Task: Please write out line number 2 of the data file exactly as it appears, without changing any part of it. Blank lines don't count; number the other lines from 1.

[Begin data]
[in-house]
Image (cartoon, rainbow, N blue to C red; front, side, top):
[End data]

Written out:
Image (cartoon, rainbow, N blue to C red; front, side, top):